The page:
Preparing for Competition

Division C

Before we begin, it is important to note this is a partner event.  The national event test-writer (Donna Young in 2012, the Science Olympiad Webinar relating to Astronomy) emphasizes this, it is generally a 60-100 question event.  She says (paraphrasing) that the internet, a wagon of textbooks, or a laptop will not save you from the test, which is why she at least allows a laptop/binder for each teammate.  That said, both partners should get along since it always helps in having fun studying and be fairly good such that they cover eachother on troublesome topics.

1. Gain interest.

Most of all this is important.  Astronomy is a truly fascinating subject that relates to life, the universe, and everything.  But if you aren’t interested and having fun, it won’t mean as much.  Loving the subject will be a greater drive than anything else.

2. Read, read, read.

This means everything from articles, websites, or anything else.  Yes, even books, though one that is highly recommended is Introduction to Modern Astrophysics by Carroll and Ostlie which gives a masterful and extremely detailed description of the subject (however, beware of large quantities of math).

College websites sometimes also have information on Astronomy, and online courses like these can be very helpful since they are designed to teach people. There is also Wikipedia. Using a laptop, a variety of pages can be downloaded, but it is sometimes hard to navigate at the competition and can lead to those days of starting at Type Ia supernovae and ending up on Swiss Cheese (one of our friends reports that it takes only 4 clicks to achieve this), which would put a few holes in your plan to study.  But eventually, after a variety of researching and loving Astronomy, you start to pick up on key words and gain an understanding and linking behind what it all means to be in this grand universe.

3. Contacts/Overall.

Try to find people to help get started at first, perhaps use some old notes from someone, or just figure out what gets you working/prepared best, everyone is different.

4. Practice tests.

Obtain tests from invitationals/past competitions or get someone to write one for you. It may be beneficial to take practice tests with slightly less time than you will be given for the “real” test to simulate competition conditions — while some people do better under pressure, most of us don’t.

5. Deep Sky Objects.

Every year DSOs are on the rules.  A majority of the time they are on tests, and if you don’t see them it doesn’t matter.  One of us uses them to study for the event since they act as examples that relate to the topic.  For organizing them it is best to have a few websites copied for each one, but improving on that would be a quick cheat sheet.  This consists of the names of all the DSOs, some pictures, and qualities of each one.

6. Binder or laptop?

There’s no easy answer to this. It’s really up to personal preference — one of us likes to use a binder, the other prefers a laptop.  We will give the pros and cons in bullets.

Binder

pros:

  • Organizing it helps to remember information and where things are in the binder
  • Works better for a quick reference and reading multiple pages at once
  • Helps for practicing anywhere, showing what you don’t have as much information on.  You know, when you don’t have much else better to do on those rainy/tornado-filled/lightning taking away power/beach days, or a break from homework.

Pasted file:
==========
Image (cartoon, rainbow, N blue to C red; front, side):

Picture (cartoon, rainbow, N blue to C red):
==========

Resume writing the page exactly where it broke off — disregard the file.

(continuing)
cons:

  • Can become very bulky very quickly
  • Spilling orange juice on it is bad (though, the same applies for a laptop)
  • Can become quite costly/require work with having to highlight pages (should be done before printing on the computer), print out a lot of paper (the one of us with a binder has 500 pages or so, 25-100 of which are mainly used for the quick reference), and having to buy and lug around a 3-5 inch binder everywhere (though, the one with the binder would recommend this as a fair form of exercise)

Laptop

pros:

  • Can store vast amounts of information
  • Has the Ctrl+F function to look through this information
  • For organization, an index can be created which is hyperlinked to certain sections (this can be explained if requested).  Say you want to go to a section titled “Variable Stars” or “Supernovae.”  Alternatively files like docs and websites can be saved to a folder or dropbox and accessed.

cons:

  • Can be harder to organize
  • Not always as convenient/can’t look at multiple pages at once as easily (also, no added benefit of exercise)
  • Can malfunction at inopportune times (battery dies, something breaks, blue screen of death, etc.).

It is also good to consider using both since it is a partner event, and having a binder and a laptop allows to both have a quick reference  with the binder and another large amount of information that could be quickly looked through using Ctrl+F for those completely random questions you have no idea about.

Division B

Division B isn’t quite as torturous as Division C.  But this is still a partner event–you have to get to know your partner really well. You also get a lot less resources. You are allowed to have exactly 2 resource pages, front and back. So study as much as you possibly can, and then fill the sheets with constellation charts, pictures, and whatever else you don’t know.

But for this event, your partner is the most valuable resource you can have (other than your brain, of course), so make sure your partner (and yourself) is trained well.

Have fun!

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One comment on “Preparing for Competition

  1. Lolz says:

    You can actually get from Type Ia Supernova to Swiss Cheese on Wikipedia in only 3 clicks! :D

    Type Ia Supernova –> Calcium –> Cheese –> Swiss Cheese

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